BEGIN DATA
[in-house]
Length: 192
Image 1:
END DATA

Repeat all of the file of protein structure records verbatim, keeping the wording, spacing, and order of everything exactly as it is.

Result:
[in-house]
Length: 192
Image 1: